Type Name Description
SL Single-Script, Lowercase This table is used to test cases of single-script confusables, where the output only allows lowercase. For example:


SA Single-Script, Any-Case This table is used to test cases of single-script confusables, where the output allows for mixed case (which may be later folded away). For example, this table contains the following entry not found in SL:


ML Mixed-Script, Lowercase This table is used to test cases of mixed-script and whole-script confusables, where the output only allows lowercase. For example, this table contains the following entry not found in SL or SA:


MA Mixed-Script, Any-Case This table is used to test cases of mixed-script and whole-script confusables, where the output allows for mixed case (which may be later folded away). For example, this table contains the following entry not found in SL, SA, or ML:


Note: It would be possible to provide a more sophisticated confusable detection, by providing a metric between given characters, indicating their 'closeness'. However, that is computationally much more expensive, and requires more sophisticated data, so at this point in time the simpler mechanism has been chosen. It does impose transitivity on the data, so if X ~ Y and Y ~ Z, then X ~ Z.

4.1 Whole-Script Confusables

Data is also provided for testing a string to see if a string X has any whole-script confusable, using the file [confusablesWS]. This file consists of a list of lines of the form:

<range>; <sourceScript>; <targetScript>; <type> #comment

The types are either L for lowercase-only, or A for any-case, where the any-case ranges are broader (including uppercase and lowercase characters). If the string is only lowercase, use the lowercase-only table. Otherwise, first test according to the any-case table, then lowercase the string and test according to the lowercase-only table.

In using the data, all of the lines having the same sourceScript and targetScript are collected together to form a set of Unicode characters. Logically, the file is thus a set of tuples of the form <sourceScript, unicodeSet, targetScript>. For example, the following lines are present for Latin to Cyrillic:

0061       ; Latn; Cyrl; L #     (a)    LATIN SMALL LETTER A
0063..0065 ; Latn; Cyrl; L # [3] (c..e) LATIN SMALL LETTER C..LATIN SMALL LETTER E
0292       ; Latn; Cyrl; L #     (ʒ)    LATIN SMALL LETTER EZH

They logically form a tuple <Latin, [a c-e ... \u0292], Cyrillic>, which indicates that a Latin string containing characters only from that Unicode set can have a whole-script confusable in Cyrillic (lowercase-only).

To test to see if a single-script string givenString has a whole-script confusable in targetScript, the following process is used.

  1. Convert the givenString to NFKD format, as specified in [UAX15]
  2. Let givenSet be the set of all characters in givenString
  3. Remove all [:script=common:] and [:script=inherited:] characters from givenSet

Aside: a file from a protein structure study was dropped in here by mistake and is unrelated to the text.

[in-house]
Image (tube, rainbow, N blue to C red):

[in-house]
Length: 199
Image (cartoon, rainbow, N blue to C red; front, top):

4. Let givenScript be the script of the characters in givenSet
    • (if there is more than one script, fail with error).
  5. See if there is a tuple <sourceScript, unicodeSet, targetScript> where
    • sourceScript = givenScript
    • unicodeSet givenSet
  6. If so, then there is a whole-script confusable in targetScript

The test is actually slightly broader than simply a whole-script confusable; what it tests is whether the given string has a whole-script confusable string in another script, possibly with the addition or removal of common/inherited characters such as numbers and combining marks characters to both strings. In practice, however, this has no significant impact.

Implementations would normally read the data into appropriate data structures in memory for processing. A quick additional optimization is to keep, for each script, a fastReject set, containing characters in the script contained in none of the unicodeSet values.

The following is a Java sample of how this code can work (using the Java version of [ICU]):

 * For this routine, we don't care what the target scripts are,
 * just whether there is at least one whole-script confusable.
boolean hasWholeScriptConfusable(String s) {
	int givenScript = getSingleScript(s);
	if (givenScript == UScript.INVALID_CODE) {
		throw new IllegalArgumentException("Not single script string");
	UnicodeSet givenSet = new UnicodeSet()
	if (fastReject[givenScript].containsSome(givenSet)) return false;
	UnicodeSet[] possibles = scriptToUnicodeSets[givenScript];
	for (int i = 0; i < possibles.length; ++i) {
		if (possibles[i].containsAll(givenSet)) return true;
	return false;

The data in [confusablesWS] is built using the data in [confusables], and subject to the same caveat: the data in these files may be refined and extended over time. For information on handling that, see Section 2.9.1 Backwards Compatibility.

4.2 Mixed-Script Confusables

To test for mixed-script confusables, use the following process.

Convert the given string to NFKD format, as specified in [UAX15]. For each script found in the given string, see if all the characters in the string outside of that script have whole-script confusables for that script (according to Section 4.1 Whole-Script Confusables).

Example 1: 'pаypаl', with Cyrillic 'а's.

There are two scripts, Latin and Cyrillic. The set of Cyrillic characters {a}  has a whole-script confusable in Latin. Thus the string is a mixed-script confusable.

Example 2: 'toys-я-us', with one Cyrillic character 'я'.

The set of Cyrillic characters {я} does not have a whole-script confusable in Latin (there is no Latin character that looks like 'я', nor does the set of Latin characters {o s t u y} have a whole-script confusable in Cyrillic (there is no Cyrillic character that looks like 't' or 'u'). Thus this string is not a mixed-script confusable.

Example 3: '1iνе', with a Greek 'ν' and Cyrillic 'е'.

There are three scripts, Latin, Greek, and Cyrillic. The set of Cyrillic characters {е} and the set of Greek characters {ν} each have a whole-script confusable in Latin. Thus the string is a mixed-script confusable.

5. Mixed Script Detection